We have also talked about improving our mechanisms at an administrative and bureaucratic level for foreign trade so that we can benefit U.S. citizens and Peruvian citizens alike thanks to the exchange of our products, so that we can benefit from the free trade agreement we have concluded with the United States. And we can now affirm that we have doubled our trade. This turns the United States into Peru’s first trading partner.
Also, we have been able to exchange ideas on social policies, which is of the utmost importance to us. This administration is strongly committed to social development with social inclusion. This means bringing the state to the remote areas of the country while giving opportunities to vulnerable populations through education. Education to us – John, let me tell you, this is a vital issue. This is the instrument that can be life-changing. Education is the key here. We in Latin America have been used to exploiting commodities, and if we look at our republican history, we can say we have not achieved what we expected by selling gold, silver, and all our other commodities. So now we need to bet for education. On this regard, I have renewed to you our willingness to be strategic partners and move forward on the quality education.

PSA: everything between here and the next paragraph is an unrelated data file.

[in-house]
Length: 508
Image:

Finally, I’m very sorry that Secretary John Kerry needs to leave soon. Today is his birthday, and it would have been a wonderful opportunity for him to stay and have dinner here in Peru and taste the wonderful Peruvian cuisine. Unfortunately, the life of public officers who have responsibilities is to be in one region one day and be in another region the next day. I understand he has some commitments in Europe, so I want to thank you for this effort in coming down to Peru. I would like to thank your entire delegation for being here, and as you said, hopefully we can soon welcome President Obama and Mrs. Michelle Obama. Thank you very much.